How to Tie the Drop Bead Red Dart
Lance Egan’s Red Dart has been one of my most productive flies for the last several years. This drop bead version is just one of the many iterations I’ve tried. They’ve all worked well, but this little guy has turned out to be the clear winner thus far.
The fly starts with a somewhat unique Fulling Mill 5125 jig hook in size 18. It has a wide gap, a short shank and a rather different eye orientation. I like to get hold of the hook with plunger-style hackle pliers and set it aside.
An 1/8th inch Fulling Mill gold tungsten drop bead pairs very well with this hook. I like to feed the point of the hook into the side of the bead with the small recess. This allows it to ride further up on the hook shank behind the eye. I’ll then get the hook and bead assembly firmly secured in the jaws of my tying vise.
For thread, I load a bobbin with a spool of UTC 70 Denier in red. Get the thread started on the hook shank behind the bead and keep taking wraps until the bead begins to stay in place behind the eye. You can then reach in with your tying scissors and snip the excess tag off close. Wind back up to the back edge of the bead then pick up just a small amount of super glue, here Fly Tyer’s Z-Ment, and apply it to the thread wraps you’ve made thus far. Take thread wraps through the adhesive. This will help to ensure the bead stays locked in its most upright orientation.
Fluorescent pink faux bucktail is used for the tail of the fly. Snip or simply pull 6 or 7 strands free then trim off the lower half of them. Although the tips should be fairly well-aligned, I do like to feed them into a stacker, give them a little stacking then snip the butts off again, this time even with the mouth of the stacker. After a bit more stacking, remove the fibers by their aligned tips. Measure to form a short tail, about a hook gap in length. Trim the butt ends of the fibers off, even with the back edge of the bead and secure the material to the top of the hook shank, all the way back to the start of the bend, then return your tying thread back up to the bead.
Black midge Sparkle Braid is used to create the body of the fly. An 8” length is enough to make numerous flies. Lay one end of the material on top of the hook shank, above your tying thread, and take tight wraps to secure it all the way back to the base of the tail, before ending with your thread at the back edge of the bead. Take touching forward wraps with the braid to build up a lightly tapered body on the fly. Anchor it with thread wraps at the back edge of the bead, then snip the excess off close.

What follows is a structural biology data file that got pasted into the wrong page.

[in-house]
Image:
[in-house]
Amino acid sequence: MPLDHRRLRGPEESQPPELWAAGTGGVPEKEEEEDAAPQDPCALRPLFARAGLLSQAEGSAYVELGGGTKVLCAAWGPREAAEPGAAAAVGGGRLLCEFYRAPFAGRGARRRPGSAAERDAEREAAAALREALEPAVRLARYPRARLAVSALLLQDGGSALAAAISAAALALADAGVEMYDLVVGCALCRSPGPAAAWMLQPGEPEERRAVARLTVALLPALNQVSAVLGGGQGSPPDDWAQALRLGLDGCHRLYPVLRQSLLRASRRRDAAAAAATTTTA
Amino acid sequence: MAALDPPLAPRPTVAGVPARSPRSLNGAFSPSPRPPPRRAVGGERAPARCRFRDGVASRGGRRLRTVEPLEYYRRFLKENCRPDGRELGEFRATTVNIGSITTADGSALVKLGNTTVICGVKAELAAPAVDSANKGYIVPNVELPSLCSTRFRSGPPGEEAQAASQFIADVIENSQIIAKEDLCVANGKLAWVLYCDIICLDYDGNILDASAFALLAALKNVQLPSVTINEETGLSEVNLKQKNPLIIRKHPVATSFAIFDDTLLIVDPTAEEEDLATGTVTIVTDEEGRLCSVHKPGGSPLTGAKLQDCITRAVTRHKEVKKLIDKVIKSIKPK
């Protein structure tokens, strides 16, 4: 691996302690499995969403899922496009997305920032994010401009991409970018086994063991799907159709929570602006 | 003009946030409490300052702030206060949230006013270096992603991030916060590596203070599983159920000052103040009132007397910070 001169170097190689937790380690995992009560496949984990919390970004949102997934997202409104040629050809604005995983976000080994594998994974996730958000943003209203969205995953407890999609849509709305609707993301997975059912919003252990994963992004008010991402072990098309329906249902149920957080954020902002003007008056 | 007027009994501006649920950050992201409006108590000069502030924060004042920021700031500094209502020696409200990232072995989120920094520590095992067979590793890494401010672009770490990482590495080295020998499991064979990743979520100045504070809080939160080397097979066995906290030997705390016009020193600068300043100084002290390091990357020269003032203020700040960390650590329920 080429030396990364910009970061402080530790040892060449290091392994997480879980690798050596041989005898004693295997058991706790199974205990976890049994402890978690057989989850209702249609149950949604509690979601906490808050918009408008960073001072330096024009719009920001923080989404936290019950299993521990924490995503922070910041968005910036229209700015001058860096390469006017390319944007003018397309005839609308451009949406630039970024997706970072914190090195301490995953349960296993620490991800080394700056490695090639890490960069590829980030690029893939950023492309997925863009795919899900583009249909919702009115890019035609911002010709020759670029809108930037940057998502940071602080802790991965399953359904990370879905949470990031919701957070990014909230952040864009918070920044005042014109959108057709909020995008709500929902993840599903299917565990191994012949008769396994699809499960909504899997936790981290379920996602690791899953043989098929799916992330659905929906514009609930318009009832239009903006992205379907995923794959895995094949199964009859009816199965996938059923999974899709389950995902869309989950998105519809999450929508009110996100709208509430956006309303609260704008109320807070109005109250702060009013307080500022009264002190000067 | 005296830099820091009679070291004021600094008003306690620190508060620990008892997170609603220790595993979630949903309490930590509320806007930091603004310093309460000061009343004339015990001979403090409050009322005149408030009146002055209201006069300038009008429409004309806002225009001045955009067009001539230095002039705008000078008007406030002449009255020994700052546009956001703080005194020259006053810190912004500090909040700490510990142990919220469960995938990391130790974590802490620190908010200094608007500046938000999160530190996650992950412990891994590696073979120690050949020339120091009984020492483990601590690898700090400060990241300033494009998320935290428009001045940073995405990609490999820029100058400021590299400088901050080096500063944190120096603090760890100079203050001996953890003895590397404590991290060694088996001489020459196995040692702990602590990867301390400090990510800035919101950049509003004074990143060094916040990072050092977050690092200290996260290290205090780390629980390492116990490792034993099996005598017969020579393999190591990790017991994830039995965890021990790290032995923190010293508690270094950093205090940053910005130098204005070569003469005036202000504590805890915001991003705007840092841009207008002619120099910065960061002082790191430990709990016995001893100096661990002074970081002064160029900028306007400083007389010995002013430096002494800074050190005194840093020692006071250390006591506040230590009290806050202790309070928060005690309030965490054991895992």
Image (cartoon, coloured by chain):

Pink UV Ice Dub is used for the thorax of the fly. Pull a small wisp free from the packet and use it to create a slender 1 1/2” noodle on your tying thread. Take wraps with the noodle to build up a short, little thorax on the fly. It should look about like this.
A single, long brown CDC feather is used to add some leggy motion to the pattern. Get hold of the feather’s tip and preen down the lower fibers to isolate that tip. Place the lower end of the tip against the near side of the hook and take thread wraps to secure it. Pull the tip back and take wraps over top of it to hold it back. This will ensure a strong connection for wrapping the feather. Get hold of the butt end of the feather with hackle pliers and begin wrapping the feather, pulling the fibers rearward as you go. A single full turn is usually all that’s needed. Anchor the stem with tight wraps of tying thread, then snip the excess off close. Take a few more wraps of tying thread to hold everything back.
Get hold of your whip finish tool and use it to do a 4 or 5 turn, back to front, whip finish, make sure to seat the knot really well and snip or cut your tying thread free. Use your fingernails to trim off any overly long CDC fibers. You want to leave some fairly long for added movement. A drop of head cement, here Sally Hansen Hard as Nails, applied to the exposed thread wraps behind the bead will ensure they don’t come unraveled.
And that’s the Drop Bead Red Dart. They’re quick to tie, durable and fish great. With the drop bead, the fly sinks like a stone, rides with a nearly horizontal orientation which helps to prevent snags, travels bead-first downstream and the motion of the CDC fibers make it come alive.